Psychiatric and cognitive symptoms in Huntington’s disease share genetic traits with psychiatric disorders and intelligence, respectively, according to a study.
These findings suggest that current treatments used for depression and psychotic symptoms in the overall population may also be able to treat these symptoms in Huntington’s patients.
The study, “Genetic risk underlying psychiatric and cognitive symptoms in Huntington’s Disease,” is available on the bioRxiv pre-print server.
Huntington’s disease is a genetic neurodegenerative disorder caused by excessive repeats of a portion of DNA, called CAG triplets, within the huntingtin (HTT) gene. With a wide spectrum of signs and symptoms, the disease is mainly characterized by motor problems. Many patients also develop cognitive, behavioral, and psychiatric disturbances, which are often present before the onset of motor symptoms.
While genetic specificities, such as the length of the CAG repeats in the HTT gene, have been shown to determine the age at which motor symptoms appear in Huntington patients, genetic influences on behavioral and psychiatric symptoms in these patients remain unexplored.
Researchers evaluated whether psychiatric and cognitive symptoms in Huntington’s disease were influenced by the same genetic factors as psychiatric and neurodegenerative disorders, as well as intelligence, in the general population.
They generated polygenic risk scores (PRS) of psychiatric and neurodegenerative disorders, and of intelligence, and assessed their potential association with the presence of psychiatric and cognitive symptoms in a large sample of Huntington’s patients.
A PRS, or genetic risk score, is the cumulative risk derived from aggregating contributions of the DNA mutations associated with a complex trait or disease. It can be used to determine someone’s genetic predisposition to developing a disease or a specific trait.
PRS are generated using an algorithm developed from genome-wide association (GWA) studies that identify all the genetic changes associated with a disease or trait of interest, and their different weights to the risk.
In this study, genetic risk scores were generated for six psychiatric disorders (schizophrenia, bipolar disorder, attention deficit hyperactivity disorder, autism spectrum disorder, obsessive compulsive disorder, and depression), two neurodegenerative diseases (late-onset Alzheimer’s disease and Parkinson’s disease), and intelligence, using the latest available large GWA studies.
The team analyzed the clinical and genetic data of 5,854 Huntington’s patients who were part of the European REGISTRY study (NCT01590589) or its successor, the international Enroll-HD (NCT01574053) observational study of Huntington’s disease.
They examined the frequency of seven Huntington’s non-motor symptoms: depression, irritability, psychosis, apathy, violent/aggressive behavior, perseverative/obsessive behavior, and cognitive impairment.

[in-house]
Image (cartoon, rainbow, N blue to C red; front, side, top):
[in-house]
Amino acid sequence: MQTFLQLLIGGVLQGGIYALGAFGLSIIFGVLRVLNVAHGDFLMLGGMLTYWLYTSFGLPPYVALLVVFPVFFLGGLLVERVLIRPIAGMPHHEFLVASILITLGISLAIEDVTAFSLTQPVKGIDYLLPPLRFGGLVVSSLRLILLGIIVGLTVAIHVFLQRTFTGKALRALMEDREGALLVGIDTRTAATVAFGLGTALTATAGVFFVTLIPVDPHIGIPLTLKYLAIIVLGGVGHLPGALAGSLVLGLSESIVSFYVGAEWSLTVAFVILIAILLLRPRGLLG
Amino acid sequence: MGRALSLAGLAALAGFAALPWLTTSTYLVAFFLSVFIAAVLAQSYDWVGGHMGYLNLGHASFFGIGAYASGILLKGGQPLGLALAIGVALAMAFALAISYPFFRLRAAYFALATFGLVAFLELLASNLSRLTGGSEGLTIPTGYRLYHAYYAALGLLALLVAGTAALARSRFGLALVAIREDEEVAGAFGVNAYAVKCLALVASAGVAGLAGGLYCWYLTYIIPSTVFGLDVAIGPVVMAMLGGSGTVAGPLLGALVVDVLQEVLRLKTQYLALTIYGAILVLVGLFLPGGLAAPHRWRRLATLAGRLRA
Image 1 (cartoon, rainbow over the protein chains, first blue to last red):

The frequency of each symptom in these patients (who had at least one of the symptoms) varied from 10.8% (psychosis) to 66% (depression), and there was a significant association among symptoms, resulting in patients with multiple symptoms.
Depression was significantly more common in women, while irritability and violent/aggressive behavior were both more frequently seen in men.
The analysis of the associations between the nine genetic risk scores and the seven symptoms included only 5,160 patients, whose individual genetic risk for each psychiatric/neurodegenerative disorder was calculated through the polygenic risk score.
Results showed that the PRS of depression was specifically associated with an increased risk of depression in Huntington’s patients, as was the schizophrenia risk score with psychosis and irritability, and bipolar disorder risk score with violent/aggressive behavior.
“In general, polygenic risk scores for psychiatric disorders, particularly depression and schizophrenia, are associated with increased risk of the corresponding psychiatric symptoms in HD [Huntington’s disease], suggesting a common genetic liability,” the researchers wrote.
Cognitive impairment and apathy were specifically associated with a lower risk score for intelligence. Since these traits showed no associations with PRS of psychiatric disorders, they may have distinct genetic causes from other psychiatric symptoms in Huntington’s.
“This suggests that apathy in HD should be considered as a cognitive, rather than psychiatric, symptom … and is also consistent with apathy being the only psychiatric symptom to correlate with disease progression,” they wrote.
Furthermore, the analyzed non-motor symptoms showed no associations with risk scores for Alzheimer’s or Parkinson’s, suggesting different underlying mechanisms between psychiatric and neurodegenerative symptoms.
The team noted the results “indicate that even in diseases previously assumed to be entirely attributable to single genetic variants [mutations], there is a contribution of polygenic risk in influencing phenotypic [symptom] presentation.”
They concluded by stating that the data suggests that “treatments used in the wider population for depression and psychotic symptoms [may be] used for these symptoms in HD.”